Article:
By: Foday Manneh
The citizens of The Gambia are determined and persistent to cast their votes on Saturday, May 20, 2023, which marks the final phase of the 2021/2023 electoral cycle to elect new Mayors and Chairpersons in the Local Government elections across the country.
A day before the election is traditionally considered a cooling off from the political voter canvass.
The Alkamba Times ( TAT) gauges the mood of the state of preparation for the Gambian voter populace ahead of Saturday’s election amidst calls for an improvement in the voter turnout compared to the last councilors” election in April, which was considered “unsatisfactory” to observers.
A resident of London Corner, Serekunda, Lamin Dibba, said he is optimistic that there will be a large voter turnout in the Mayoral and Chairmanship elections, saying the magnitude of competition shown amongst candidates would greatly encourage people to go out and cast their votes.
“This time, it would be different. The political tempo has been high between the candidates and cannot be predicted unless we vote. I am certain that people will vote in numbers. The votes can only determine the winner,” Dibba said.
Haddy Saine, a resident of Bakoteh who is a vendor at the Serekunda Market, called on all the candidates and their supporters to maintain the peace they have undertaken throughout the campaign period. She called for tolerance from all various camps for the sake of free and fair elections to take place.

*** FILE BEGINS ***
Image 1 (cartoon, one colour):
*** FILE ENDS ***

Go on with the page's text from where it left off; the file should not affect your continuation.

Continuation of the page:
Thirty-two contesting candidates are vying for the Mayoral and Chairperson seats nationwide; among them are the ruling National People’s Party (NPP), the opposition United Democratic Party (UDP), GFA, PDOIS, PPP, GDC, and several independent candidates.
According to a projection made by the Centre for Policy, Research, and Strategic Studies (CepRass) from an opinion poll reported that the UDP candidate, Talib Ahmed Bensouda, would likely win in Kanifing (55% support), candidates from the NPP demonstrated strong support in various regions including Basse, Janjanbureh, and Kuntaur.
The report also suggests that a significant percentage of respondents (19% to 42%) could not predict the likely winners in their respective LGAs, indicating uncertainty and indecision among voters.
In Mansakonko, the UDP’s Landing Sanneh leads at 32%, followed by NPP’s Kebba Dem at 28%. However, the remaining percentage of voters are either undecided or prefer to keep the secret of their candidates.
Meanwhile, in Brikama, nearly half (48%) of the respondents are undecided or prefer to keep their intentions secret. NPP’s Seedy Ceesay leads the rest of the candidates, with 21% of the respondents intending to vote for him, followed by UDP’s Yankuba Darboe (19%). The Independent candidates do not pull over 5% of the intention to vote.
More or less, a similar story exists in Banjul, with 52% either undecided or preferring to keep their choice anonymous. In comparison, 26% of the remaining 48 intend to vote for UDP’s Rohey Malick Lowe, and 23% want to cast for NPP’s Ebou Faye.
Meanwhile, political scientists earlier predicted that the results of the councilor’s election in April, which the ruling NPP narrowly dominated, would significantly impact tomorrow’s results despite the uncertainty in some regions.
The Gambia Independent Electoral Commission (IEC) registered 962,157 voters, less than a quarter of which voted in the councilors’ elections. However, there are hopes of improving the voter turnout come tomorrow when polls are opened for voting.
Meanwhile, the country’s electoral commission has urged people to turn out in large numbers to vote for their candidate while maintaining peace.